22 Aug 2014

Must Syria’s Assad be part of the west’s fight against IS?

With America’s most senior general calling for the military offensive against Islamic State to be broadened, some are asking if our enemy’s enemy – Syria’s President Assad – should now be our friend.

Following the murder of American journalist James Foley by IS, General Martin Dempsey, chairman of the US joint chiefs of staff, said it was “an organisation that has an apocalyptic, end-of-days strategic vision and which will eventually have to be defeated”.

He added: “Can they be defeated without addressing that part of their organisation which resides in Syria? The answer is no. That will have to be addressed on both sides of what is essentially at this point a non-existent border.”

US Defence Secretary Chuck Hagel said air strikes had helped to stall the IS advance in Iraq, but admitted that Washington needed to take a “cold, steely, hard look” at other measures needed.

‘Beyond anything’

“They are beyond just a terrorist group. They marry ideology, a sophistication of strategic and tactical military prowess, they are tremendously well-funded… this is beyond anything that we have seen,” he said.

Lord Dannatt, former head of the British Army, said in tackling IS, the US and Britain wold need to build bridges with Syrian President Bashar al-Assad, a leader both countries have said should be removed.

“The Syrian dimension has got to be addressed. You cannot deal with half a problem,” he told BBC Radio 4’s Today programme.

“The old saying my ‘enemy’s enemy is my friend’ has begun to have some resonance with our relationship with Iran. I think it’s going to have to have some resonance with our relationship with Assad.”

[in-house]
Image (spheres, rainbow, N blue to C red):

Lord Dannatt said if the US decided to carry out air strikes against IS in Syria, “it’s got to be with the Assad regime’s approval”.

Islamist extremism

James Foley’s murderer spoke with a British accent in a video posted online, and David Cameron is under pressure to do more to combat Islamist extremism in the UK.

Lord Carlile, former independent reviewer of terrorism legislation for the government, said the decision to scrap the control order system in favour of more limited terrorism prevention and investigation measures (Tpims) should be revisited.

“I do think the government could make a legislative response to the current problem by reintroducing control orders, or beefed-up Tpims, as they are called, to ensure that people who are identified by solid intelligence as presenting this kind of risk can be placed under controls which can prevent them activating their ideas,” he said.

Lord Carlile’s stance was backed by former Foreign Office minister Alistair Burt.

The jihadist in the murder video is believed to be the ringleader of a trio of UK-born extremists responsible for guarding western hostages and nicknamed after members of the Beatles. He has been nicknamed “John” and the security services are trying to find out who he is.

US special forces tried but failed earlier this summer to rescue Mr Foley and other US captives held in Syria.